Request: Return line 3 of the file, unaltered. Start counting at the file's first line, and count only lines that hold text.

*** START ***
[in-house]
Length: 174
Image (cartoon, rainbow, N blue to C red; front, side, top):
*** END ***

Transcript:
Image (cartoon, rainbow, N blue to C red; front, side, top):